Some folks just aren’t all that great with money. For some it’s because it’s just not something that’s fun to do. They have all the knowledge and understanding, but it just a boring bit of drudgery that they can’t be bothered to give it the care and attention it deserves. Perhaps if it was more fun to deal with, it’d make things a whole lot easier – and better.
Apple’s market cap has been worth more for a while, but now even a single share of AAPL stock is worth more than Google’s, having reached that milestone today at 12:26PM EDT, as noted by Fortune’s Philip Elmer-Dewitt. Boom.
Apple stock just keeps going up, up, up… except when some computer goes bananas, starts screaming “SELL SELL SELL” and all of Wall Street panics. Which is pretty much what happened earlier today, when Apple stock lost 9% of its value in just a blink of an eye.
Enabling dictation on the iPad means sending your voice and personal data to Apple
One of the feature on the new iPad is its dictation capabilities, a feature also available on the iPhone 4S (which also boasts Apple’s Siri virtual assistant feature). There are quite a few ways that high quality dictation and other speech to text capabilities could useful to professionals in many fields.
The problem is that in order to get that high quality dictation functionality, the new iPad and the iPhone 4S rely on Apple’s servers to do much of the work in turning your speech into text. More importantly, it isn’t just snippets of voice recordings that get sent to Apple. Personal data from your iPad or iPhone 4S gets uploaded as well and much of it remains associated with you and your device. That’s a general concern for most of us, but for professionals in regulated industries like healthcare or fields that require confidentiality like finance and legal professions, it becomes a critical privacy concern and may even break the law.
Confirming a press release from just ten minutes earlier, Apple CEO Tim Cook has confirmed that Cupertino will use its vast hoard of cash to initiate a quarterly dividend payment to current shareholders, as well as buy back almost $10 billion in stock to help avoid dilution of employee equity.
The conference call announced for 9 a.m. this morning hasn’t even happened yet, and Apple’s already announced what they are doing with the cash: initiating a $10 billion share repurchase plan, as well as issue dividends and make strategic investments. All told, they expect to spend $45 billion over the next three years.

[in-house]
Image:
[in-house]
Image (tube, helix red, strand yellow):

We’ll give you more details when the call starts, but for now, here’s the press release.
Intuit finally releases a Lion-compatible version of Quicken
When Lion was released last summer, there was a big outcry because Apple had decided to kill off Rosetta, the emulation engine that allowed Macs with Intel processors to run apps designed for Macs with Power PC processors. Apple’s position was that it had made the switch to Intel and stopped selling Power PC Macs five years earlier and it was time for users and developers to move on. Most developers did move on to releasing universal apps that could run on Macs with either processor or that were Intel-only.
One company that dragged its heals was Intuit, maker of the popular Quicken personal finance app. When Lion shipped, users of Quicken 2007, the most recent version, were faced with options that really weren’t that good: not upgrade to Lion, install a stripped down version called Quicken Essentials that was built for Intel Macs, run the Windows version of Quicken, or switch to a different app.
A recent study of finance chiefs at over 200 companies revealed that one in six expect the job of CIO to be gone within five years. More than twice that many (40%) expected that IT will eventually be folded into the finance department. This highlights the impact of trends like BYOD, the consumerization of IT, and the growing importance of cloud services.
As IT departments struggle to deal with an ever-increasing influx of iPhones, iPads, Android devices, and other “consumer” technologies, this raises big questions. Would handing management of IT over to a CFO with limited technical experience help or hinder Apple’s position as a business vendor? Would that drive BYOD programs or inhibit them? Would this ultimately be beneficial to most employees at a company?
Once again, Apple has found itself the most valuable company on Earth, attaining a market capitalization of about $456 billion today, beating ExxonMobil’s market cap of just $402 Billion. Yawn.
More interesting, however, is that Apple’s combined value is more than Google and Microsoft put together, who are worth $198.9 billion and $256.7 billion, respectively.
As we watch Apple race to be the world’s first trillion dollar company, I wonder what we’ll all be measuring its value against next. Silicon Valley? The United States? The Moon? The secret to immortality?